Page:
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Rights as Signals

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  • Farber, Daniel A

Abstract

Because rights operate as trumps over normal governmental interests, they have an inherent cost. Consequently, by entrenching protection for human rights, governments can signal a willingness to give up power in the short term to obtain long-term benefits. Investors can infer from this that the government has a low discount rate and is less likely to pose a threat of expropriation. Similarly, when courts vigorously enforce human rights, they dramatize their judicial independence, which is valuable to investors, who themselves may have no interest in human rights. Thus, human rights enforcement may help encourage investment and thereby indirectly foster economic growth. Copyright 2002 by the University of Chicago.

Suggested Citation

  • Farber, Daniel A, 2002. "Rights as Signals," The Journal of Legal Studies, University of Chicago Press, vol. 31(1), pages 83-98, January.
  • Handle: RePEc:ucp:jlstud:v:31:y:2002:i:1:p:83-98
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    File URL: http://dx.doi.org/10.1086/323889
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    Cited by:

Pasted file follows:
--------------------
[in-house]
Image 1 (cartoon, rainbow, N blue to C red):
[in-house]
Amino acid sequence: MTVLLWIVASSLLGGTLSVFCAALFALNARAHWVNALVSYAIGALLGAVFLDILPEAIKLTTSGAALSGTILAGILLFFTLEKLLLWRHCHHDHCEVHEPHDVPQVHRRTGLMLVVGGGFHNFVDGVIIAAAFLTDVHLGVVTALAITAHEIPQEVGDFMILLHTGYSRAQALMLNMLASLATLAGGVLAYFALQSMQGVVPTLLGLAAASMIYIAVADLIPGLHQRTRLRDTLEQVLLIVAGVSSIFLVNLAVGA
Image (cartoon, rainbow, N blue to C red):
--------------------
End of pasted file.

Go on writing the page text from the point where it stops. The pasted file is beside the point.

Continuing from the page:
1. Stefan Voigt, 2011. "Positive constitutional economics II—a survey of recent developments," Public Choice, Springer, vol. 146(1), pages 205-256, January.
    2. Jan Fałkowski & Katarzyna Metelska-Szaniawska, 2015. "Przyczyny ustanawiania i stabilność konstytucji państwa - perspektywa ekonomiczna," Gospodarka Narodowa, Warsaw School of Economics, issue 3, pages 79-105.
    3. Vinod, Hrishikesh D., 2006. "Should Asians demand both entrepreneurship and human rights?," Journal of Asian Economics, Elsevier, vol. 17(1), pages 14-28, February.
    4. Katarzyna Metelska-Szaniawska, 2015. "Economic Effects of Post-Socialist Constitutions Revisited (nearly) 25 Years from the Outset of Transition," Working Papers 2015-33, Faculty of Economic Sciences, University of Warsaw.
    5. Goderis, Benedikt & Versteeg, Mila, 2014. "The diffusion of constitutional rights," International Review of Law and Economics, Elsevier, vol. 39(C), pages 1-19.
    6. Lorenz Blume & Stefan Voigt, 2007. "The Economic Effects of Human Rights," Kyklos, Wiley Blackwell, vol. 60(4), pages 509-538, November.
    7. Yukihiro Yazaki, 2014. "Rights and judicial independence," Economics of Governance, Springer, vol. 15(2), pages 179-201, May.

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